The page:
In 2005 Turpie pleaded guilty to drink driving after driving in Manly, New South Wales, with a blood alcohol level of 0.08 (the legal limit in the state is 0.05). He was fined $867 and had his drivers licence suspended for six months; however this was overturned on appeal. After taking into account Turpie's charity work and his need to drive to work, Judge Reg Blanch ordered that no conviction be recorded. Turpie told reporters he was sorry for doing a "stupid thing".[6]

Death[edit]

On 18 February 2011 it was announced that Turpie, a heavy smoker had been diagnosed with cancer.[7] He died on 11 March 2012, aged 68.[8]

Turpie was married to his wife Jan for 43 years and had three children and three grandchildren.

Awards[edit]

  • Mo Award Hall of Fame (2011)[9]
  • Penguin Award, Best Light Entertainment, The New Price Is Right (1985)
  • Logie Award, Most Popular Western Australia Show, Turpie Tonight (1983)
  • Penguin Award, Best Light Entertainment, The New Price Is Right (1982)

Filmography[edit]

TV[edit]

Acting[edit]

Host regular[edit]

  • Club Buggery, ABC (1996-1997)
  • The Go!! Show
  • Sing, Sing, Sing (replacing Johnny O'Keefe)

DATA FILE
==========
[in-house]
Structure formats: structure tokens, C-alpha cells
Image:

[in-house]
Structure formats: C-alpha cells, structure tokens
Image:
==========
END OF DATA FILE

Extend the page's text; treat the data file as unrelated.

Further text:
• Surprise, Surprise - co-host with Tommy Hanlon Jr
  • Supermarket Sweep, Nine Network (1992-1994)
  • Time for Terry co-host with Terry O'Neill
  • Turpie Tonight
  • The Newlyweds Game, Network Ten (1968), Nine Network (1987)
  • The New Price Is Right (1981–1986)
  • The Price Is Right (1989)
  • Press Your Luck, Seven Network (1987–1988)

Guest appearances[edit]

  • The Young Entertainers
  • This is your Life (with Mike Munro)
  • Love is in the Air
  • Long Way to the Top
  • All the Way
  • Theatre Royal
  • Revue 7
  • TeenTime
  • Kommotion
  • Bandstand (Brian Henderson)
  • Steve Vizard Tonight
  • Bert Newton Show
  • Blankety Blanks (Graham Kennedy)
  • Family Feud (Rob Brough)
  • The Fat (Tony Squires)
  • Mike Walsh Show
  • Don Lane Show
  • Hey Hey It's Saturday (Daryl Somers)
  • Celebrity Who Wants to be a Millionaire?
  • Celebrity Wheel of Fortune